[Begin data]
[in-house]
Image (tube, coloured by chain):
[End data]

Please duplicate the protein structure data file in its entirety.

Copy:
[in-house]
Image (tube, coloured by chain):